In practice, these tactics are interlinked or interdependent.
Rehabilitating the scalds
Although rehabilitation work was begun on Salisbury in the 1970s by the previous owners, when the MacAlpines took over the property Grant MacAlpine could land his light plane almost anywhere on the property. After seeing promising results on properties nearby, the MacAlpine family continued rehabilitation in the 1980s and 1990s. Works ramped up in 2009 and 2012 when government grants were available.
The methods that have been used successfully for several years on Salisbury involve using a grader to build low ponding banks to hold rainwater to a depth of 10 cm or so. These are circular on flat ground and semi-circular (a ‘horseshoe’ shape) on scald with a mild slope. The opening of the horseshoe is to the up-slope side, so that run-off collects within the banks. Each pond covers about 0.4 hectares. The grader used to construct the banks is also used to disturb the soil surface within the ponds in strategic locations (Thompson 2008). Saltbush seed – some of it collected on the property – is sown over the disturbed surface. Running cattle over the ponded area after the surface had been softened by rain was used to disturb the soil surface in a previous Soils For Life case study of a property near Brewarrina.
The effect of the ponding banks and disturbance is to hold water from the intermittent heavy falls. This then infiltrates – albeit slowly – to leach salts from the surface and provide moisture down the soil profile. The banks and disturbance within them provide a barrier to wind-blown sediments and plant material, which collects and starts to form an organic-rich surface layer. The saltbush seed, together with whatever seed is delivered by wind, sheep and birds, then has somewhere to germinate and moisture to tap in the soil profile. The natural processes of ecological succession have effectively been given a ‘kick-start’ and can take their course. To date, about half of the scalded areas on Salisbury have been treated in this way.
The results can be seen here:
Capping the bores
Four artesian bores that were installed early in the 20th century and have been flowing ever since supplement Salisbury’s intermittent water supply from rainfall. The aggregate potential flow rate is 9 L/second (284 ML/year, or about 114 Olympic swimming pools). However, the volume required to support grazing stock is estimated at around 1 L/second, so the rest (around 250 ML/year) runs away to waste via bore drains. The wasted water supports a kangaroo population far in excess of what would be there naturally, whereas a tank and trough system can be managed to restrict water supply.
Capping the bores maintained the pressure of the underground artesian aquifer and used only the amount of water needed for stock. A threat by governments to charge for water used in excess of stock requirements focused the MacAlpines’ action. A subsidy from the NSW Government  helped too. Following the mandated specifications, each tank supplies two nearby troughs – the second being presumably for backup in case one failed. So far, two of the four bores on Salisbury have been capped.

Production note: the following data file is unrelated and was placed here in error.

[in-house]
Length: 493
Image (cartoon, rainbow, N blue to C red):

Managing grazing pressure
This is the biggest concern for the viability of the Salisbury business is a seemingly endless supply of kangaroos willing to move on to the property. Generally, they come from the north and arguably in far higher numbers than would have been possible before graziers started providing water sources.
Managing the kangaroo population requires a massive investment in specifically designed fencing. Fences like that will also exclude wild dogs that be-devil sheep graziers elsewhere and that the MacAlpines expect in the Marra region before long.
The cost of kangaroo-proof fencing is around $4,000/km for materials and the property boundary is about 50 km, so a substantial investment is required. Fortunately, the NSW Government has provided a low-interest loan for this.
Sheep grazing pressure is managed in dry periods by moving sheep to holding pens and hand feeding them with grain and straw. This is especially useful for ensuring that ewes chosen for breeding have optimum nutrition.
Further tactics to reduce grazing pressure include:
- deferring joining young ewes so that their grazing requirements are minimised; and
- selling older ewes or passing them on to the farm run by Alex MacAlpine at Grenfell, NSW.
Will and Grant MacAlpine make these decisions from time to time , taking particular note of animal and pasture health.
Adapted to a variable climate
In summary, the grazing enterprise at Salisbury is well adapted to the highly variable, semi-arid climate. Amongst their many benefits, the water ponds bring more areas into production and generally improve the appearance of the property. Capping the bore, erecting wildlife-proof fencing and managing stock numbers controls the total grazing pressure and ensures sustainability so that the MacAlpines are ready for drought and ready for rain.
 Not as generous as the subsidy in Queensland.
 Especially over the summer period when a “feed gap” would develop if rain was inadequate.
Cunningham, G.M. 1987. Reclamation of scalded land in western New South Wales. Journal of Soil Conservation New South Wales, Vol. 3, number 2. Soil Conservation Service of NSW, Sydney.
Rhodes, D. 1987. Waterponding banks – design, layout and construction. Journal of Soil Conservation New South Wales, Vol. 3, number 2. Soil Conservation Service of NSW, Sydney.
Herczeg, A.L. and Love, A.J. 2007. Review of Recharge Mechanisms for the Great Artesian Basin. CSIRO Land and Water, Glen Osmond, South Australia.
Thompson, R. 2008. Waterponding: Reclamation technique for scalded duplex soils in western New South Wales rangelands. Ecological Management and Restoration 9: 170-181. doi: 10.1111/j.1442-8903.2008.00415.x